10 Fun Facts About the White-throated Sparrow

From their viral tunes to their bizarre genetics, this backyard favorite is full of surprises.

Appearing in dizzying varieties of white, tan, red, brown, striped, spotted, and crowned, sparrows can confuse even the most seasoned birders. Fortunately, the White-throated Sparrow—true to its name—has a bright white throat, aiding any birder in a confident ID. Although some sparrows may be elusive, hiding in dense marshes or rarely singing, White-throated Sparrows are frequent visitors to feeders in the eastern United States. This sparrow may be common to backyards, but their color variation and strange genetics suggest they are anything but ordinary.

1.) White-throated Sparrows are one of North America's most common and abundant sparrow species, wintering primarily in the eastern United States and summering throughout Canada and parts of the northeast. A 2019 study revealed that Passerellidae, new world sparrows that include White-throated Sparrows, declined by 87 percent over the past half century—that’s 862 million fewer birds than population estimates in 1970. The White-throated Sparrow population remains somewhat stable, but conversion of their preferred forest habitat to agriculture marks the greatest threat.

2.) The White-throated Sparrow’s scientific name, Zonotrichia albicollis, closely matches the common name: The genus, Zonotrichia, stems from the ancient Greek for “hair band,” and albicollis comes from Latin, meaning “white neck.” Although the common name emphasizes the white throat, don’t forget about their handsome yellow lores, or feather patches between their bill and eyes, that both males and females sport to varying degrees. 

3.) As for those lores, White-throated Sparrows are unable to produce yellow, so the birds depend on a diet rich in carotenoids—pigments manufactured mainly by plants—to provide this golden hue. Their fall and winter diet of seeds and fruit—especially wild cranberries, blueberries, and grapes—give the sparrows a carotenoid boost. 

4. For birders, the sweet, clear song of the White-throated Sparrow is a cherished sign of spring. Their tune is often described as an easily recognizable Poor Sam, Peabody, Peabody, Peabody, or Oh sweet, Canada, Canada, Canada. But sometime before 2000, a new version of the song emerged in western Canada that dropped a syllable: Oh sweet, Cana, Cana, Cana. The remixed tune went viral, expanding east across Canada and over to New England by 2019. Researchers suspect that sparrows singing the original song learned the two-syllable version from birds on shared wintering grounds.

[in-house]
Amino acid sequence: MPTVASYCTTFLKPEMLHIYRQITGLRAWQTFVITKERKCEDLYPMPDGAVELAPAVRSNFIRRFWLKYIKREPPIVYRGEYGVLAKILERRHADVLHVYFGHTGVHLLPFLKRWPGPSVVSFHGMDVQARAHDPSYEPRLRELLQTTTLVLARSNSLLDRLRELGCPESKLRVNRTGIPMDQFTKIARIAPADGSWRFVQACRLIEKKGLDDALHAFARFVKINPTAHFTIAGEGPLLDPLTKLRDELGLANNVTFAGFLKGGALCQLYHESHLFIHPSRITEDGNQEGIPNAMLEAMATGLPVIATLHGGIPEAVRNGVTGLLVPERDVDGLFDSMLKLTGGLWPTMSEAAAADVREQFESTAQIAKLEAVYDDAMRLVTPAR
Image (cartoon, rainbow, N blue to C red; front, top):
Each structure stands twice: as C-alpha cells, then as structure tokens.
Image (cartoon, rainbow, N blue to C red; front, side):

5.) White-throated Sparrows breed in Canada and the northern boundary of the United States in coniferous and deciduous forests, especially those regenerating from logging, fires, and insect damage. They generally build their nest cups on the ground, in areas where low, dense understory conceals nests. A lovely shade of pale greenish-blue, the four to five eggs hatch after two weeks of incubation by the female. Although young leave the nest fewer than 10 days after hatching, parents may continue to feed nestlings protein-rich insects for an additional two weeks. White-throated Sparrows can raise two broods in a breeding season, and females sometimes start the second brood less than a week after nestlings from the first brood fledge. 

6.) Most White-throated Sparrows perform some type of migration, though a population of hardy birds does live year-round in the northeastern United States, where they survive on bits of grass, seeds, and berries. They also frequent city parks and backyards, taking advantage of bird feeders. In the spring, migrants from the southeastern United States fan out and pass through the Midwest as they head to their northern breeding territories. Populations of White-throated Sparrows that winter in western states migrate to northern breeding territories west of the Rocky Mountains, though they are less abundant than eastern populations. 

7.) White-throated Sparrows generally live up to 6 years old, but one individual was almost 10 years old when recovered in Fairfax, Virginia, a victim of a cat predation. Another long-lived sparrow had survived up to 14 years and 11 months when scientists recaptured it in Alberta, Canada.

8.) Like several other bird species, White-throated Sparrows boast two color morphs: Some individuals sport broad tan stripes on their head, and others have distinct white stripes. The discovery of the two morphs in adults—rather than them just being a matter of plumage variation or maturity—was a breakthrough finding in 1961 by ornithologist James Lowther. Males and females can be tan-striped or white-striped, and they fully overlap in their breeding and wintering areas.

9.) The color morphs not only look different, they also behave uniquely, setting the White-throated Sparrow apart from other species. White-striped males have higher testosterone than tan-striped individuals and tend to be more aggressive; the male white-striped birds also romance more females. Shining in the parental category, tan-striped birds are more nurturing. The two color variants and their specific mating preferences are the result of intriguing genetics that effectively create four “sexes” in White-throated Sparrows: white-striped males, white-striped females, tan-striped males, and tan-striped females.

10.) Spot a funky looking White-throated Sparrow? Almost 10 percent of all bird species hybridize, so your eyes may not be deceiving you. Although the White-throated tends to be picky about which morph it mates with—white-striped birds only mate with tan-striped birds—they sometimes pair with Dark-eyed Juncos. The coupling can yield healthy offspring that look like grayer White-throated Sparrows, whose songs combine a junco’s trill and the “Canada” notes of the White-throated Sparrow.